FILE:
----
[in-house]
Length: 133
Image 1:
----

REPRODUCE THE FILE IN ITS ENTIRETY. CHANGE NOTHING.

[in-house]
Length: 133
Image 1: